GiflA diagnosis of hyperactive as a legitimate disorder was something Dr. Keith Conners, a psychologist and professor emeritus at Duke University worked hard for. Today, with 15% of all high school children supposedly affected by ADHD, one would expect this man to celebrate.

But in addressing his fellow ADHD specialists in Washington recently, he called this rising rate of diagnosis “a national disaster of dangerous proportions.”

He went on to say that the numbers make a hyperactive diagnosis look like an epidemic, when it most assuredly is not. According to Dr. Conners, “This is a concoction to justify the giving out of medication at unprecedented and unjustifiable levels.”

Twenty three years ago, 600,000 children were on medication for ADHD. That number has soared to 3.5 million today.

Pharmaceutical companies have had a wildly successful 20 year campaign to publicize ADHD and promote the medication to those involved with children, including educators, doctors and parents.

But their shenanigans have not escaped the notice of the Food and Drug Administration. The FDA has cited all the top ADHD drugs for false and misleading advertising. Some of the drug-producing companies have been cited multiple times.

Patient advocacy groups, funded by the pharmaceutical companies, have been active in attempting to get the government to loosen their regulations. This action is especially grim, considering these drugs have an abundance of dangerous side effects, and are regulated in the same class as morphine and oxycodone.

Drug execs and prescribing psychiatrists are not capable of concern outside that of their own comfort and wealth, and ADHD drug sales continue to soar. In 2012 sales were close to 9 billion, more than 5 times their profit of 10 years earlier.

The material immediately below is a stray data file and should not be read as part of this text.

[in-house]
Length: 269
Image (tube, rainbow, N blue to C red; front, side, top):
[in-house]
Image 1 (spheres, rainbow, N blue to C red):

Roger Griggs, the drug company exec who introduced Adderall, admitted he is against marketing stimulants to the public in general. His term for these drugs is “nuclear bombs.” He feels they should be given only under extreme circumstances and under close physician supervision.

Suicide is a possible “side effect” of drugs for hyperactivity. So is an inability to sleep for days, hallucinations and complete lack of appetite. And despite the denial of the drug companies, these drugs are addictive substances.

Typical of all psychiatric conditions, there is no scientific test for ADHD. And the American Psychiatric Association has made the official criteria so loose that any childhood behavior could fit the description of ADHD. Not surprisingly, the American Psychiatric Association receives significant funding from pharmaceutical companies.

Even the psychiatric journals benefit. Drug company advertising went from absolutely no ADHD drug ads 10 years ago to 100 pages today in just one publication, The Journal of the American Academy of Adolescent Psychiatry.

Of course, the side effects such as irritability, insomnia and psychosis were in very small letters accompanying those ads. This is considered legal, if not ethical, for pharmaceutical marketing practices.

Sleazy advertising practices abound with ADHD drugs. Parents, especially mothers are particularly preyed upon. For example, a Concerta ad shows a happy mother saying “Better test scores at school, more chores done at home, an independence I try to encourage, a smile I can always count on.”

Pharmaceutical companies producing these drugs and every psychiatrist who prescribes them are making money at the expense of our children. A child with a hyperactive diagnosis is simply a pawn in their self-enrichment game.